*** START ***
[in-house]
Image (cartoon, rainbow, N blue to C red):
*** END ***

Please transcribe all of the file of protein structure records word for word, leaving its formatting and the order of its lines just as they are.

[in-house]
Image (cartoon, rainbow, N blue to C red):